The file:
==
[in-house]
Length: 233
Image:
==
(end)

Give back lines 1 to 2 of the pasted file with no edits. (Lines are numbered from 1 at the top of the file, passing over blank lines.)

[in-house]
Length: 233